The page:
“What shocked me,” Wall said, “was when the bus came, I thought she was just going to hug me and say, ‘Glad it worked out.’ And she was like ‘Oh no, I’m going.’” 

Wu brought no press, and has declined to comment, but did send a single tweet from her personal account.

“Shout out to our bus monitors, drivers & BPS transportation team working so hard to fix any issues for the 20,500 students taking our buses everyday!” Wu’s tweet reads. “We had a safe & smooth ride getting our most precious cargo to their destination this AM.”

Mejia, who also came out Wednesday morning, announced that a hearing will be held in early November to try to address ongoing issues with school transportation.

“We believe that once you have something on the record, in writing, and you have a critical mass of parents and students who are impacted, then that sounds the alarm in terms of  urgency,” Mejia said.

She added that the problem is not a new one.

“Last school year, I was getting text messages from one particular parent every single day about [the trouble] that she was having with her daughter’s transportation,” Mejia said.

And while Wall said she’s grateful for the help she’s now receiving, she’s frustrated with the difficulty in getting assistance and that she had the issue in the first place.

“I don’t want my child to have special treatment. I want everything to work as it’s supposed to work. That’s it,” she said.

Ryan isn’t the only BPS student who has faced this issue — a CBS Boston report last week recounted the story of a Roslindale family dealing with similarly short-notice cancellations of their 3-year-old daughter JoJo’s ride to school. Jojo also has special needs and requires assistance on the bus.

The district also has struggled with getting buses to school on time, with more than 40% of buses arriving late on the first day of school this year. BPS is facing extra scrutiny in the wake of the state Department of Education threatening state takeover this summer. One condition of remediation is a school bus on-time arrival rate of 95% or better each month.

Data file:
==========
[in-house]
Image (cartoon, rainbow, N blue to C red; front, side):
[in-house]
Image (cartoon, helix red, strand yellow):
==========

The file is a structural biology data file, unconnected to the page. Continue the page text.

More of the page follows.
In response to requests for comment by the Banner, a BPS spokesperson sent the following statement:

“We’re taking an active approach to ensure our students get to and from school safely and we are constantly working to streamline our operations and identify any issues that need to be addressed. We know delayed buses continue to be challenging for our students and families, and are working around the clock to improve our daily bus performance. While we are not yet where we want and need to be, we will continue to work hard in service to our students and their future success. We recently hired the necessary number of drivers to cover all routes. Due to some ongoing issues related to attendance, we have had periodic uncovered buses, but there is now a driver for every bus. We do anticipate continuing to see improvement in on-time performance over the coming weeks and months ahead.”

The city council’s hearing on the school bus situation is set for Nov. 10 at 5 p.m. at City Hall. In the meantime, parents are urged to use the BPS transportation hotline at 617-635-9520, or the school’s online support portal at bostonpublicschoolshelp.freshdesk.com/support/home.

BPS, BPS buses, Mayor Michelle Wu